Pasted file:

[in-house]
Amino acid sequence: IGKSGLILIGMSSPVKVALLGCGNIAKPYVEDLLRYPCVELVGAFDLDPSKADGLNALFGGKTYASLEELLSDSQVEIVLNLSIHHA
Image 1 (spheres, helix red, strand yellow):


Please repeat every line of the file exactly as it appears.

[in-house]
Amino acid sequence: IGKSGLILIGMSSPVKVALLGCGNIAKPYVEDLLRYPCVELVGAFDLDPSKADGLNALFGGKTYASLEELLSDSQVEIVLNLSIHHA
Image 1 (spheres, helix red, strand yellow):